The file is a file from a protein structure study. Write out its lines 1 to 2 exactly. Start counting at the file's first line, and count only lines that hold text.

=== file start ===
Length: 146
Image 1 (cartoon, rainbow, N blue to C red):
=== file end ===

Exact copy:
Length: 146
Image 1 (cartoon, rainbow, N blue to C red):